Sun-like stars rotate up to two and a half times faster at the equator than at higher latitudes, a finding by researchers at NYU Abu Dhabi that challenges current science on how stars rotate.
Until now, little was known about the precise rotational patterns of Sun-like stars, only that the equator spins faster than at higher latitudes, similar to the Sun.
Scientists at the NYU Abu Dhabi Center for Space Science used observations from NASA's Kepler mission and asteroseismology—the study of sound waves traveling inside stars—to determine with precision how Sun-like stars rotate, which no other scientific method has been able to achieve.
Their study found that Sun-like stars, characterized as being like the Sun in mass and age, do indeed rotate in a similar manner as the Sun in that their equatorial regions rotate more rapidly than at mid- to high latitudes. But there's a key difference.
The equator of the Sun rotates about 10 percent faster than its mid latitudes, while equators of Sun-like stars spin up to two and a half times faster than their mid latitudes.
"This is very unexpected, and challenges current numerical simulations, which suggest that stars like these should not be able to sustain differential rotation of this magnitude," said Othman Benomar, research associate at the NYU Abu Dhabi Center for Space Science and lead author of the study published in Science.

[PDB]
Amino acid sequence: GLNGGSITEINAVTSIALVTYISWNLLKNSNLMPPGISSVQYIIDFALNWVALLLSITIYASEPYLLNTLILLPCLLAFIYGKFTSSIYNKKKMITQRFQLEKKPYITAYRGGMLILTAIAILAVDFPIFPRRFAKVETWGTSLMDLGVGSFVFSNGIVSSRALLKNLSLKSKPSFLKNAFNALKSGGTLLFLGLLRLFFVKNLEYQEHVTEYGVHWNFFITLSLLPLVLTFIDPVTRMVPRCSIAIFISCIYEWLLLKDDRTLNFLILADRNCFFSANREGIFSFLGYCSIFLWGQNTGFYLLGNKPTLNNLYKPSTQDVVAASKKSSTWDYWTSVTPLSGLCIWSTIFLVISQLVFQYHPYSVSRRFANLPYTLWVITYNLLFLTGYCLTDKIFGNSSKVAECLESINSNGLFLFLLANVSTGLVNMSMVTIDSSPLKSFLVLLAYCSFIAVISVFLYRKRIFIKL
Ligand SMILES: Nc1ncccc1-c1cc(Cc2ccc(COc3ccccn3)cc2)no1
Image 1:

"Understanding differential rotation—how fast one part of a star spins compared to the rest—is not only important for a complete understanding of how a star works, it will help us gain deeper insights about their magnetic fields," explained Katepalli Sreenivasan, principal investigator of the NYU Abu Dhabi Center for Space Science.
Magnetic fields on the Sun have been known to cause enormous solar storms that frequently disrupt orbiting space satellites and have knocked out power grids on Earth.
Scientists agree that the rotation of the Sun plays a crucial role in the generation of the solar magnetic field, but the exact details still remain a mystery, despite the Sun having been observed and studied in great detail.
Sreenivasan added, "learning more about how stars rotate and generate their own magnetic fields could help us gain further insight into the solar dynamo, the physical process that generates the Sun's magnetic field."
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O. Benomar el al., "Asteroseismic detection of latitudinal differential rotation in 13 Sun-like stars," Science (2018). science.sciencemag.org/cgi/doi … 1126/science.aao6571